It all begins when Curdie, on his walk home from another day at the mines, kills a pigeon. He then realizes that pigeons were associated with the mysterious and wonderful great-great grandmother of Princess Irene. So he takes the dying bird to her, but what is restored is not merely the dying bird but the dying spark in Curdie’s life, that is being slowly quenched by coarseness and beastliness. He is bid to thrust his hands into a fire of rose petals through which the beastliness is cleansed and he is given a special capacity to discern those growing in their humanity from those descending into beastliness as he grasps their hands.
This is a key theme that runs through the book, that people are on one of two roads, growing more fully human or descending to the level of beasts. Yet even for the latter there is a hint of hope as some of the beasts we encounter in this story seem to be former humans on a journey of redemption–which strikes me as an odd note, a form of reincarnationalism, or a second chance for the condemned from a Christian author. Yet this is fantasy, and the note here perhaps is one that the power of redemption is greater than that of beastly evil.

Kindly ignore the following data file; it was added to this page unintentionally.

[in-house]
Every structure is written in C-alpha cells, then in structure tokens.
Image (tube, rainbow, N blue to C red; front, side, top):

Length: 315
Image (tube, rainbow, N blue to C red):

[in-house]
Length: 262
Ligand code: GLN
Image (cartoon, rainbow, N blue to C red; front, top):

Curdie is sent by the great-great grandmother to the king’s city of Gwyntystorm along with Lina, a fierce, ugly, dog-like creature who is intensely loyal to him. He is not told his mission but that it will become apparent as he obeys and properly uses his gift. It is apparent from the moment of their arrival that all is not right in the town as they are rudely treated, then imprisoned.
They make their escape and find their way into the king’s castle, and quickly learn that all is not right at the heart of the kingdom. The castle is in disrepair, the servants are rude, lazy and corrupt. Worse yet, the king’s councilors are conspiring and the king’s doctor is slowly poisoning him as he lies ill in tormented delirium. Princess Irene is at his side, using all her powers to comfort him, while not fully grasping the evil plots surrounding her and the king.
The remainder of the story unfolds how Curdie and Lina accompanied by a host of beasts and a few who remain faithful to the king attempt to save king, princess, and kingdom from the corruption that has crept into the heart of Gwyntystorm.
The image of Curdie as one sent on a mission the nature and end of which is not disclosed rings true for any who have taken up the life of discipleship. We do not always know into what the faithful use of gifts will lead us. Similarly, success is not a matter of compromise with evil or having the assurance that all will turn out well but the faithful pursuit of the right, leaving the results and consequences in the hands of Another.
Once again, one sees why these stories have had such an abiding place in the hearts of both children and adults and how fantasy may sometimes speak more truly of reality than the most “realistic” stories.